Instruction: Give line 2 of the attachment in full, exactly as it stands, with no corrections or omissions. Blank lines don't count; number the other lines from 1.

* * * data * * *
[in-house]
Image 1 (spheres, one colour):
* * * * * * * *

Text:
Image 1 (spheres, one colour):